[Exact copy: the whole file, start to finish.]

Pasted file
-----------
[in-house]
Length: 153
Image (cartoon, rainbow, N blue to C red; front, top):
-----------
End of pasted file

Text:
[in-house]
Length: 153
Image (cartoon, rainbow, N blue to C red; front, top):